Credit: Vicki Chiu, EAS Communications Office/Caltech
Innovations in the Air
Sure, Google's driverless car is pretty cool. But according to key leaders in the aerospace industry, much of the world's most innovative work is happening not in Silicon Valley but in the laboratories at their companies, where researchers are expanding the boundaries of everything from space travel to deep-sea exploration.
At the "Innovation in Aerospace" forum held at Caltech on Friday, January 22—part of the Idea 2 Innovation series cosponsored by Innovate Pasadena and Caltech—three of the aerospace industry's biggest companies discussed some of their most exciting new ventures. Northrop Grumman's Starshade project could help find life on other planets. Boeing's new unmanned Echo Seeker submarine is capable of diving 20,000 feet below sea level. Lockheed Martin's new imaging technology could radically shrink the size of space telescopes, making it far more efficient to send them deep into space.
Executives from each of the three companies, along with a representative from the start-up incubator Starburst Accelerator, were guided by moderator Andrea Belz (PhD '00), USC Marshall School of Business entrepreneur in residence, in a wide-ranging discussion about aerospace innovation and the quest to invent better models for fostering creative thinking—or, as several panelists put it, "being innovative in how we innovate"—as well as about the challenges of competing for talent with headline-grabbing companies like Google, Facebook, and Uber.
In addition, unlike those companies, innovators in aerospace work in a heavily regulated environment. And in the battle to attract attention and talent, the industry also faces this hurdle: it cannot discuss some of its most innovative work in public because it is often government-funded and top-secret.
That battle to attract and retain new and young talent, the forum's participants said, is critical, because the average age of the aerospace industry's engineers is increasing. Unlike in the days of the Apollo space missions, when much of the industry's workforce was in its 20s, today an estimated half of the industry's engineers are eligible for retirement within the next five years, according to panelist John Tracy, Boeing's chief technology officer.
"You've got to make sure that the next generation is going to come along that has the vision, that has the passion, that has the drive, and has the desire to create the future of aerospace," Tracy said.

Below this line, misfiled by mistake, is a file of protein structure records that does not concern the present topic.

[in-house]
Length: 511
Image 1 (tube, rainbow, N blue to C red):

The forum was held at Caltech's Cahill Center for Astronomy and Astrophysics; in addition to Boeing's Tracy, the panel included Scott Fouse, vice president of the Advance Technology Center at Lockheed Martin; Erik Antonsson, Northrop Grumman's corporate director of technology; and Starburst Accelerator cofounder Vandad Espahbodi.
Much of the discussion centered on ways in which the industry might foster creativity without getting in its way. The panelists acknowledged that large companies like Lockheed Martin, Northrop Grumman, and Boeing face this dilemma not only when nurturing talent internally but also when trying to partner with smaller start-up companies working on cutting-edge technologies.
"The trick is, if you touch the start-up at such a young, nascent stage, you will kill it, you will defeat its potential," Starburst's Espahbodi warned, adding that the goal thus becomes to find the right level of noninvasive partnership that will "help them succeed at arm's length."
The panelists disputed the notion that companies like theirs are too monolithic and bureaucratic to allow individual employees to innovate. Northrop Grumman's Antonsson, a former Caltech professor of mechanical engineering, noted that the company spends more than half a billion dollars annually on research and development.
These resources, he said, give the company freedom to experiment. In fact, Antonsson added, it was just this sort of experimentation by one of the company's small internal research groups that produced the Starshade, a technology that will help researchers look at planets dozens of light-years away—including those possibly hospitable to life—by using a space-traveling shade to block the light from stars near those planets.
Mory Gharib, Caltech's Hans W. Liepmann Professor of Aeronautics and Bioinspired Engineering, director of the Graduate Aerospace Laboratories, and vice provost, says he thought the forum underscored the vital importance of the industry. He notes that while Uber, for instance, is a revolutionary company, its disappearance would not have a particularly dramatic impact on Americans' lives. "But imagine if Boeing disappeared," says Gharib, who delivered opening remarks at the forum.
Guruswami (Ravi) Ravichandran, Caltech's John E. Goode, Jr., Professor of Aerospace and Mechanical Engineering and the Otis Booth Leadership Chair of the Division of Engineering and Applied Science, says the forum was "another example of the exciting and inspiring developments I have been observing in the Southern California aerospace industry over the past several years."
As Ravichandran, who delivered closing remarks, says, the four panel members not only "have the expertise and the knowledge, but they're also able to inspire people through stories."
Written by Alex Roth